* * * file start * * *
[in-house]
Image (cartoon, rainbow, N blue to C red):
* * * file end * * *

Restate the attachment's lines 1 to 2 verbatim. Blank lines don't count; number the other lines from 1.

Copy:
[in-house]
Image (cartoon, rainbow, N blue to C red):